The artisanal and small-scale gold mining (ASGM) sector is estimated to be the largest anthropogenic source of mercury pollution worldwide, and not surprisingly human exposures in this sector are amongst the highest of all population groups. While formalization of the sector has been proposed as a solution to help improve health and safety within ASGM sites, there are few empirical studies in support of this notion. The objective of this study was to assess if individuals working in ASGM sites that are registered have reduced mercury exposures and better neuropsychological scores than workers from unregistered sites. To achieve this objective, we studied biological samples (urine, hair) and survey data from a study of 404 ASGM workers (of which, 295 worked in registered ASGM sites) conducted in Tarkwa (Ghana) in 2014. Between miners working in registered and unregistered sites, there were few differences in socio-demographic characteristics. Median urinary mercury concentration (specific gravity-corrected) among those from unregistered mines was nearly 3-fold higher than those from the registered mines (18.5 versus 6.6 μg/L), and in the overall population the median concentration was 10.0 μg/L, and ranged from 0.3 to 2499 μg/L. Mercury biomarkers varied across ASGM work categories (e.g., those who burned or amalgamated had the highest) and users of personal protective equipment. Nearly 30% of the study population indicated having some challenges concerning, for example, reduced appetite, hair loss, or excess salivation. Ataxia and rigidity of gait were absent in most of the participants, and for those with slight, moderate, or marked responses, there were no differences between miners from registered and unregistered sites, across work groups, as well as in reference to mercury biomarker measures. For the pencil tapping, Frostig, matchbox, and Wechsler tests, no striking differences were found though a correlation was found between urinary mercury levels and matchbox scores among those who amalgamate and burn, and scores were similar to past studies using the same tests in ASGM sites. We believe this is the first study to compare mercury exposures and neuropsychological test results between miners from registered and unregistered ASGM sites. In doing so, the research findings provide the necessary evidence for stakeholders and parties of the Minamata Convention considering various response options to help fulfill their obligations.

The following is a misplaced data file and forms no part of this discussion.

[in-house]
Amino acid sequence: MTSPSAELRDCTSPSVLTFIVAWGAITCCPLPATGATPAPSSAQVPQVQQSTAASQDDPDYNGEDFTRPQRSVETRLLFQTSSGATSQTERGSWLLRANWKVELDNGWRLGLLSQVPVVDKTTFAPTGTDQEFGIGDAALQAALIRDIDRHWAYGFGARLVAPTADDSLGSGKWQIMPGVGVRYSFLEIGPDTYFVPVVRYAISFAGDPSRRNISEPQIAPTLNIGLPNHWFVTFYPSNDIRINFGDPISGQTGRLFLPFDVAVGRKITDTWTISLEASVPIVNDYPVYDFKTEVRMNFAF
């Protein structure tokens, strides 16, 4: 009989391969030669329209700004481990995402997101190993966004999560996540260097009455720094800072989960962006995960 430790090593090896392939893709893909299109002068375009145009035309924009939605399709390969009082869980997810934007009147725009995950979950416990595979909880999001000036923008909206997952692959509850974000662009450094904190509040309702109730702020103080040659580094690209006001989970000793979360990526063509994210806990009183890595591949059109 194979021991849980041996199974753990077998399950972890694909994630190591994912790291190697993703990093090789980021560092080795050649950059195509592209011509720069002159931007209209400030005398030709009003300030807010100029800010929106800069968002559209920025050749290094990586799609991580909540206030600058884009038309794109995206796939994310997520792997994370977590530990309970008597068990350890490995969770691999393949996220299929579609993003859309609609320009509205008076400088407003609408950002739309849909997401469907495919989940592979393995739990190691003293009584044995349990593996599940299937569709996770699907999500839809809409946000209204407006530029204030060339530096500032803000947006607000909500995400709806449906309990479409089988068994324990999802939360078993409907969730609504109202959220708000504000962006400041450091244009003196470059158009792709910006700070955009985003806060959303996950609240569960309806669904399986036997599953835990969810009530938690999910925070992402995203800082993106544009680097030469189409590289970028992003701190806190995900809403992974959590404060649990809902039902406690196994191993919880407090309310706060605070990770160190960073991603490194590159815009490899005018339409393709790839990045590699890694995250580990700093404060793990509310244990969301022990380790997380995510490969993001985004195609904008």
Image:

Authors: Lauretta Ovadje, Benedict Nl Calys-Tagoe, Edith Clarke, Niladri Basu
; Full Source: Environmental research 2021 Jul 7;111639. doi: 10.1016/j.envres.2021.111639.